Spreading Bed Joints

Having achieved a trowel full of mortar, the next stage is the spreading of a bed joint, followed by furrowing ready to receive bricks. Bed joints must not be spread too thickly as too much effort will be required to tap the brick down to gauge (a 10mm bed joint). Ideally, a bed joint should be spread sufficiently thinly so the brick can be pressed to gauge with little or no tapping from the trowel.

At this point the bricklayer should not turn round so that the trowel hand is over the wall, but bring the trowel hand across the body, and then proceed as follows:

1. Hold the trowel of mortar over the position where the bed joint is required. This may be the surface of a concrete foundation at the start of new work or on top of the previous course of brickwork for work that is ongoing.

2. Spreading involves transferring a trowelful of mortar into something resembling a line of mortar. Turn the trowel vertically through 90 degrees and combine a dropping motion with, simultaneously, sweeping or drawing the trowel blade backwards along and parallel to the line of brickwork. In general terms, the direction of spreading is always along the wall and not across it, regardless of whether headers or stretchers are being laid.

Spreading Bed Joints

Fig. 111 Spreading mortar.

3. If the mortar bed has not quite spread evenly, pick up thicker parts with the trowel edge and deposit them at one end of the line of mortar so that the initial spreading is more even and elongated.

Spreading Bed Joints

Fig. 112 Elongating the initial spread of mortar.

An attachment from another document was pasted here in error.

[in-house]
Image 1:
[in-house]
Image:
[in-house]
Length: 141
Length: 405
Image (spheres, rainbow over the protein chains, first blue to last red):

4. With the point of the trowel, ‘furrow’ the spread mortar along its length and backwards with a series of undulating trowel movements. This creates an indentation along the spread mortar, which, when a brick is pressed into it, fills to form a full bed joint. It avoids too much mortar being squeezed out of the joint, which could fall down the face of the brickwork below and cause staining. Full joints are vital, and furrowing the mortar too deeply can result in voids in the bed joints, which will affect the structural strength of the finished brickwork.

Spreading Bed Joints

Fig. 113 Furrowing mortar.

5. Having furrowed the mortar, use the inside edge of the trowel with the top face of the blade turned outwards to trim off any mortar that overhangs front and back in order to provide a neat edge to the bed joint in readiness to receive bricks.

Подпись: The hand not holding the trowel is referred to as the ‘laying hand'. The correct way to hold the brick in this hand is across the width. Holding a brick in this way allows it to be spun in the laying hand to the correct face or bedding plane before laying or before applying a ‘cross-joint' to one end in readiness for the brick to be laid adjacent to another.
Подпись: Fig. 114 The correct way to hold a brick.

When spreading bed joints for cavity walling it is very important not to let the mortar bed overhang on the cavity side. Great care should be taken to prevent mortar falling down the cavity, which could result in the cavity becoming bridged and lead to water ingress through the finished wall. The mortar that is trimmed off should not be allowed to fall or be deposited on the floor. Instead, efficient, practical use

should be made of it by placing it at one end of the line of mortar so that the initial spreading is further elongated.